You Can’t Make a Living with Your Fiction
“Killing the Top Ten Sacred Cows of Publishing: #8… You Can’t Make a Living with Your Fiction
This myth “You can’t make a living writing fiction” is so clearly hogwash, I shouldn’t have to include it as a chapter in this book. All anyone has to do is look at a certain fantasy writer in England being richer than the Queen. And the number of fiction writers on the Forbes List every year. And that’s not counting all the writers publishing their sales numbers each month just from Kindle alone.
But, alas, new writers hear this myth all the time, constantly, from every direction, and sometimes from longer-term professional writers.
So, it’s worth a long post I guess. It shouldn’t be a myth at all, but it is.
We have all seen the silly studies that an ‘average’ fiction writer makes something like $2,345 per year. And, of course, people look at that and think ‘Oh, my, no one can make any money writing fiction.’ Of course, those who say that don’t know how studies are taken, or what a number like that really means.
Most of the big studies ask every person who has a dream of someday writing a novel. The writers asked maybe have finished a few short stories, maybe even mailed a couple. They go to a writer’s group regularly, and call themselves writers, because they are in the early days of learning their craft. They make no money. There are hundreds of thousands of this type of writer, all in the early days of learning.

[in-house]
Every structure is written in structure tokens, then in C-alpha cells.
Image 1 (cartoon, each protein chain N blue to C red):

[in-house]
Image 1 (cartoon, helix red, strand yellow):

Then, of course there are the writers who will never sell, a person with the best intentions, but no real drive to actually sell anything. Or if they do sell, it’s to a small press that pays in copies or worse yet these days, they give their story away free to an online press and don’t even get a copy.
Or they write poetry and are doing fantastic when they make a few hundred per year.
The studies ask all those writers how much they make, and the answer is almost always zero or not far above zero. Millions of ‘nothing’ answers.
Then these studies include writers in organizations like SFWA, who lets a writer with three sales in the door. And Romance Writers, which has a huge chunk of membership that has never made a sale. All those thousands and thousands of unpublished or slightly published writers are included.
It’s stunning to me that the average is so high, actually. But the truth is to get the final answer up to a few thousand, a lot of people have to be making a lot of money with their fiction writing to pull up all the beginning writers.
Writing, to my knowledge, is the only profession that takes studies this way.
It would be exactly like trying to figure out what an average lawyer makes by also including every undergraduate who is thinking of going to law school and every law student in the study about what they made working the law. Lawyers, in that type of study, would make less than two thousand average I’m betting.”